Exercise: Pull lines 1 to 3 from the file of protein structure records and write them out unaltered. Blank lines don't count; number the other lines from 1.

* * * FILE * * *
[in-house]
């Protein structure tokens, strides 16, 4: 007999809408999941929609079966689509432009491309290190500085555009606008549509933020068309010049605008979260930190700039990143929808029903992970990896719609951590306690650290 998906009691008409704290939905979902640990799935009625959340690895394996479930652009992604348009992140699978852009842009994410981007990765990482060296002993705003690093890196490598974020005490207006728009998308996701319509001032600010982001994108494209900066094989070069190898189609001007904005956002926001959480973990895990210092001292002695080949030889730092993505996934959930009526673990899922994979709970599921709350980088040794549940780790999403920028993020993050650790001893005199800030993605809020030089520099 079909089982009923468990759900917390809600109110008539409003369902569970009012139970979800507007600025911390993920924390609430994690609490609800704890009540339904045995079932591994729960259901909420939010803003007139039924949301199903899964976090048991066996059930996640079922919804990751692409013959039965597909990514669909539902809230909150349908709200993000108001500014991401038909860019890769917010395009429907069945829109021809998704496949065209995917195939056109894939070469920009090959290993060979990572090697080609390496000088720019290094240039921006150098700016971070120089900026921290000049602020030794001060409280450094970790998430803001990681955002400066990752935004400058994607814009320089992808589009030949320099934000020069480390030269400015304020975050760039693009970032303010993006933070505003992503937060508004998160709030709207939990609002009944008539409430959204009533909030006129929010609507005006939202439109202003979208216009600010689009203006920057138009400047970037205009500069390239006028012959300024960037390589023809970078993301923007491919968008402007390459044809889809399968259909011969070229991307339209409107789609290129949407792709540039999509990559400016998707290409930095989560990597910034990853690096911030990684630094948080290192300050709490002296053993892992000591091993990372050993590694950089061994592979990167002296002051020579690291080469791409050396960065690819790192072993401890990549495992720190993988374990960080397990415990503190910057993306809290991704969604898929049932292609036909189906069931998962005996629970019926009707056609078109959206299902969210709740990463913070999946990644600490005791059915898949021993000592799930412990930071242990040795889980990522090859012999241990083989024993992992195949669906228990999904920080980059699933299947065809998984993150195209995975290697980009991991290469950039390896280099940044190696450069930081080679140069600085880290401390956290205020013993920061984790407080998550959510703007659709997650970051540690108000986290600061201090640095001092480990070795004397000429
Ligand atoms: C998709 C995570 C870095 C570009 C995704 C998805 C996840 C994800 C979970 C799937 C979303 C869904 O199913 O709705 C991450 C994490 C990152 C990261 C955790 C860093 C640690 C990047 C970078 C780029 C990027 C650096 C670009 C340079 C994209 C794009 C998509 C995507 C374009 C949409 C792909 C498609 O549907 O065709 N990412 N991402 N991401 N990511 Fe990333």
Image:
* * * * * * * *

[in-house]
């Protein structure tokens, strides 16, 4: 007999809408999941929609079966689509432009491309290190500085555009606008549509933020068309010049605008979260930190700039990143929808029903992970990896719609951590306690650290 998906009691008409704290939905979902640990799935009625959340690895394996479930652009992604348009992140699978852009842009994410981007990765990482060296002993705003690093890196490598974020005490207006728009998308996701319509001032600010982001994108494209900066094989070069190898189609001007904005956002926001959480973990895990210092001292002695080949030889730092993505996934959930009526673990899922994979709970599921709350980088040794549940780790999403920028993020993050650790001893005199800030993605809020030089520099 079909089982009923468990759900917390809600109110008539409003369902569970009012139970979800507007600025911390993920924390609430994690609490609800704890009540339904045995079932591994729960259901909420939010803003007139039924949301199903899964976090048991066996059930996640079922919804990751692409013959039965597909990514669909539902809230909150349908709200993000108001500014991401038909860019890769917010395009429907069945829109021809998704496949065209995917195939056109894939070469920009090959290993060979990572090697080609390496000088720019290094240039921006150098700016971070120089900026921290000049602020030794001060409280450094970790998430803001990681955002400066990752935004400058994607814009320089992808589009030949320099934000020069480390030269400015304020975050760039693009970032303010993006933070505003992503937060508004998160709030709207939990609002009944008539409430959204009533909030006129929010609507005006939202439109202003979208216009600010689009203006920057138009400047970037205009500069390239006028012959300024960037390589023809970078993301923007491919968008402007390459044809889809399968259909011969070229991307339209409107789609290129949407792709540039999509990559400016998707290409930095989560990597910034990853690096911030990684630094948080290192300050709490002296053993892992000591091993990372050993590694950089061994592979990167002296002051020579690291080469791409050396960065690819790192072993401890990549495992720190993988374990960080397990415990503190910057993306809290991704969604898929049932292609036909189906069931998962005996629970019926009707056609078109959206299902969210709740990463913070999946990644600490005791059915898949021993000592799930412990930071242990040795889980990522090859012999241990083989024993992992195949669906228990999904920080980059699933299947065809998984993150195209995975290697980009991991290469950039390896280099940044190696450069930081080679140069600085880290401390956290205020013993920061984790407080998550959510703007659709997650970051540690108000986290600061201090640095001092480990070795004397000429
Ligand atoms: C998709 C995570 C870095 C570009 C995704 C998805 C996840 C994800 C979970 C799937 C979303 C869904 O199913 O709705 C991450 C994490 C990152 C990261 C955790 C860093 C640690 C990047 C970078 C780029 C990027 C650096 C670009 C340079 C994209 C794009 C998509 C995507 C374009 C949409 C792909 C498609 O549907 O065709 N990412 N991402 N991401 N990511 Fe990333």